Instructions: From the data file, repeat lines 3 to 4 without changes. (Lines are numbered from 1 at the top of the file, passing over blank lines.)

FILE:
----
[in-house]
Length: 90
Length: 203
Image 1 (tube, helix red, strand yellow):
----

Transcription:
Length: 203
Image 1 (tube, helix red, strand yellow):